Samuel B. Waugh. “Lincoln and his Family.” Philadelphia: Bradley & Co., 1866. 17 1/2 x 24 3/4. Mezzotint with engraving by William Sartain. Printed by Irwin & Sartain. Very good impression. Very good condition. Holzer et al., The Lincoln Image, Fig. 80.
This is one of most famous prints of Lincoln, a family portrait based on a painting of Samuel B. Waugh and engraved by William Sartain. This print was copied by many other nineteenth century print publishers, but none equaled the quality of this rich engraving. Lincoln is shown with his two sons and wife surrounded by elegant furnishings of the White House. The family is grouped around a covered table, upon which lie two books, including the Bible. Lincoln and Tad sit to the left, and above Lincoln’s right shoulder is a bust of George Washington, linking the martyred president with the ‘father of the nation.’ Outside the draped window is the outline of the Capitol dome, completed during Lincoln’s terms. Mary Lincoln sits to the right, and Robert stands in the center between his parents. Over Robert’s shoulder is a portrait of William Lincoln, who had died in 1862. Waugh makes use of clever symbolic lighting and artifacts, which was characteristic of portrait painting at this time. One symbol was described in a promotional circular, “On the table is a vase of flowers ’embracing the Roses of the North, and the Small Magnolia, Sweet Clematis, and Virginia Creeper, which bloom in profusion in the South,’ all wreathed in harmony, emblematic of the friendly feeling that should exist between the people of the North and South, in the great vase of the UNION…”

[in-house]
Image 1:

Waugh’s details are beautifully rendered by William Sartain, scion of the illustrious Philadelphia family of artists the patriarch of which was John Sartain. The concept and design of Waugh’s painting was based on Edward Savage’s famous image of George Washington and his family. It is interesting that John Sartain engraved a large mezzotint after the Washington family painting, so here William is following closely in his father’s footsteps with his engraving of the Lincoln family. William was able to closely simulate the texture of the rich satins, soft woolens, and lustrous leather. At the time of its issue, this print was thought of as a first class example of print making, selling for as much as $20 for an artist’s proof, and $7.25 for a regular print. As Holzer, et al. remark, “In its day, the Sartain engraving was considered the best print portrait of the Lincoln family.” (The Lincoln Image, p. 171) This print was so popular that cartes-de-visite were published using photographs of the print, giving the illusion they were photographs of the actual family.